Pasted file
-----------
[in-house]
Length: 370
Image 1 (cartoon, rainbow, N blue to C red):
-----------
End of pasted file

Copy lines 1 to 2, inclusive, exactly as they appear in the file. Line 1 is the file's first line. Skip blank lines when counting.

[in-house]
Length: 370